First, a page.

The “Global Stocktake” report, a key UN review released last week of countries’ efforts to reduce greenhouse gas emissions, said tackling climate change will need a rapid transformation of the way the world lives, works, travels and uses energy. The report is expected to guide decision-making by leaders at the COP28 climate talks in Dubai later this year.
The G20 declaration mentioned emissions worldwide have to fall by at least 43 per cent by 2030 from the levels in 2019 to achieve the key goal under the Paris Agreement of capping global warming at 1.5 degrees Celsius.
A rapid phasing out of financial support for fossil fuels is a critical first step that should have been part of the declaration, Beaton said. G20 countries spent a record US$1.4 trillion on fossil fuels last year, according to a new report by IISD.
Some of the reforms needed to achieve the transition to clean energy are expected at the COP28 conference, analysts said.
While the G20 goal of tripling renewable energy capacity by 2030 is a positive development, “this remains very much an aspirational goal, with no clear plan for either implementation or accountability,” said Beaton, adding that the G20 has to take the lead given the economic clout of its members.
“The boldest, fastest action should be from the G20’s highest per-capita income members, given their historical responsibility for emissions and higher emissions per unit of GDP,” Beaton added.
Analysts also point out that G20 members must do more to help poorer countries cope with the impact of climate change such as through financing.
According to a report by US-based Climate Central non-profit organisation, countries with the lowest carbon emissions – typically developing economies – bore the brunt of significantly warmer temperatures from June to August this year due to climate change compared with G20 nations.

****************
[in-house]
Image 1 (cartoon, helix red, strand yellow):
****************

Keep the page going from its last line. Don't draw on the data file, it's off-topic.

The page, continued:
A road map to resolve the debt problems of poorer countries and implement reforms of multilateral lending organisations is needed, said Biswajit Dhar, a professor at the Council for Social Development, a Delhi-based research institute. Such measures would be a significant step towards achieving global climate goals but are missing in the G20 declaration.
Heavily indebted countries typically borrow from individual governments like China and India, institutions such as the World Bank, and private creditors, with the latter two groups accounting for the bulk of the financing, Dhar said.
While the intent to boost renewable energy production is a positive step, analysts said there is a critical need to lower global emissions within the next few years, particularly through capping fossil fuel production.
“This means not expanding any coal plants or gas use. It also means not using further oil. This level of ambition, keeping in mind poverty eradication and equity needs, is a real challenge,” said Aarti Khosla, director of Climate Trends, an environment consultancy.
While the G20 declaration was a diplomatic victory for India, firm and urgent steps are required to tackle global climate change, Khosla said.
“Unless those able to act can act fastest, and others make real commitments to act coming out of their comfort zones, planetary warming will not be tackled and impacts and disasters will mount at a pace the world has not witnessed before,” she added.